Author Options:

Protecting my new power supply Answered

I've got a 12vdc 500ma power supply that I'm using to trigger a few solid state relays. I'm also using the same power supply to provide input current to a little micro PLC (Automation Direct DL05). Both the relays and the PLC have a wide range of acceptable input voltages and their current requirements are about 15ma per channel at 12 volts. The count is 6 relays and 8 PLC inputs, if all are on thats about 210ma. I once killed a similar power supply by allowing the leads to touch and short-out. I would like to protect this power supply from the same fate by protecting it from short circuit. I thought about attaching a reisistor to the end of one lead and covering all but the outlet of the resistor with heat shrink tubing... problem is, it would have to be a big, bulky power resistor to handle the wattage. Is there a simple component available that will limit the current upon short circuit that I can place in series with my loads to protect the power supply? As I said, it doesn't have to be precise and it doesn't matter if it jerks the voltage around a little.


question: in the event of a ground fault, do you want the circuit to shut down (power off) or lower power?

I thought ground fault devices were for AC circuits. A fuse is the best choice here, I believe.

a groud fault condition is when the device's positiv lead contacts either the negative lead without load, or contact another grounded objects, such as the case, a metal pipe etc. a GFCI, or ground fault circuit interupter, reacts in milliseconds to cut power in the event of a ground fault.

I'd say that the first case e.g. the positive lead connects inadvertently to the negative lead is not a ground fault. It's a simple short circuit. Nothing that a Ground Fault Interrupter can detect or do anything about. That is a job for a fuse or possibly a current limiter. The second case where there's a leak of the positive lead (to earth/ground) causing the current in the positive wire to be different than the negative wire (they are exactly the same in a normal healthy circuit) can be detected by a GFCI. This requires that the ground/earth is connected to the negative lead between the power source end the CFGI.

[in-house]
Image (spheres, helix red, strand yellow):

true. i put them together because either will damage equipment like the power supply. its also worth noting, though a tad off topic, that a gfci will not protect you from the hv output of a transformer.

wow, that was awful spelling. sorry. a fuse is probably a good choice. buy a fast blow verion though. buy somthing like a 6 pack.

I just want it to lower power. I'd just like to be able to plug-up the power supply and not have to worry about touching the leads together while I'm goofing around with my projects. I don't want to have to replace a fuse or do some kind of reset.

if you go the fuse route, go for a 12 volt 550 ma quick blow fuse type.


10 years ago

Is it regulated? Many voltage regulators will shut down automatically if the heat/current limits are exceeded. If not, how about a 12V automotive fuse?